“Now, under David, in order to have access to the ark and to its old significance, even conservative Israelites with long memories and keen theological sensitivity must make their pilgrimage to Jerusalem, the new city with David’s new power and new ideology. They have nowhere else to go. To make contact with the ancient symbol, they must give tacit assent to the new royal apparatus.”

The move of the ark to Jerusalem signifies once and for all the end of Saul’s rule and the cementing of David’s, and in the next chapter of 2 Samuel we will read about God making a covenant with David to establish David’s house forever.

In Mark it’s a little different. The Gospel of Mark doesn’t start out with Joseph and Mary and the manger. It starts with John the Baptist, in the wilderness, preaching about repentance. Jesus comes to John to be baptized, the Spirit descends on Jesus like a dove, and Jesus becomes the focus of the story. Then we get here to Mark 6, and there’s a little bit of a flashback. Jesus and the disciples are travelling around and word of Jesus’ ministry gets back to Herod. And what is Herod’s first thought? “John, whom I beheaded, has been raised.” This is the first time we learn that John is dead. The story is straightforward. Let me say this is a different Herod than the King Herod in the stories of Jesus’ birth. This Herod divorces his wife and marries his brother’s wife. John calls this out as sin. Herod’s wife, Herodias, wants John executed, but Herod knows that John is a holy man, and he kind of likes John. John makes Herod think, and we all need people who make us think, and Herod likes listening to John, so Herod has John imprisoned. The power of the dance, however, is too much. This time there’s nothing political about the dance itself. It’s just a dance that speaks to Herod in an extraordinary way, such that he makes a very foolish promise – that he will give the dancer, Herodias’ daughter, whatever she wants. The daughter consults with her mother, and asks for John’s head on a platter.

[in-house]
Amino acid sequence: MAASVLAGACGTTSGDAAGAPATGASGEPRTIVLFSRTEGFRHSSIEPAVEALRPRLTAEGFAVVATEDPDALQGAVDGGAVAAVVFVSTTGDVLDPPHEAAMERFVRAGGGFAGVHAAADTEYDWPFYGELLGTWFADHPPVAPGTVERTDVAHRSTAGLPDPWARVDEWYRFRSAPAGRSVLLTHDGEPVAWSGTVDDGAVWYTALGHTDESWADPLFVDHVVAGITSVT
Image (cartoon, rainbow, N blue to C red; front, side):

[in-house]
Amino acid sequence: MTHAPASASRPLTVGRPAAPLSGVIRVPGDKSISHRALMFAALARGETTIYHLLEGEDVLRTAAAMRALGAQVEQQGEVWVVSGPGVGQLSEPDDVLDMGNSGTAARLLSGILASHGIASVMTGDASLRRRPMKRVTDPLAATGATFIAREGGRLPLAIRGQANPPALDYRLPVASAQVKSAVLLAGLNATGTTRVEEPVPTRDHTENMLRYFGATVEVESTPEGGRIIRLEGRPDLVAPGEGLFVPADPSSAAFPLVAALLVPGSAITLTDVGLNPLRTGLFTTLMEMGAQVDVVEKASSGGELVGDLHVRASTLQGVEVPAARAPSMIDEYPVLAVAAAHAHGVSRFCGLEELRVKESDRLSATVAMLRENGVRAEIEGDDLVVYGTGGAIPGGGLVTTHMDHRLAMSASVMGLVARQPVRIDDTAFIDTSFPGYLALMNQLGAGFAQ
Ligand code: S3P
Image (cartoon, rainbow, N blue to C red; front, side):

Our Gospel reading ends in a way that foreshadows what is yet to come for Jesus. Verse 29 says, “When (John’s) disciples heard about it, they came and took his body, and laid it in a tomb.” That sounds familiar, doesn’t it. Whatever was in David’s heart when he danced, there were political
considerations to his journey with the Ark to Jerusalem. There was probably nothing political in Herod’s heart as he watched the daughter’s dance, but that dance still led to an act of political violence as the government killed a prophet of God for the crime of having offended the
wife of the king with the truth of their sin. David’s dance leads to God’s covenant which establishes David’s line forever, a line that leads directly to Jesus. John’s death foreshadows Jesus’ death on the cross, with his followers tenderly laying his body in a tomb. So over time David’s dance leads through Jesus to death on the cross, and then the re-establishment of David’s line through Jesus’ resurrection. For Christians, the journey is always towards resurrection, but there cannot be resurrection without a death. There is dancing, there is music, there is celebration, but it all means more than just the joy of the moment.

Our lives mean more than just whatever it is that we are going through, for good or for ill, at any time. Our lives are a dance towards death, towards the cross, but our lives are also a witness to the reality of new life, our faith in Jesus and his resurrection. Our lives are a dance, a dance that extends beyond the tomb to life eternal. Amen.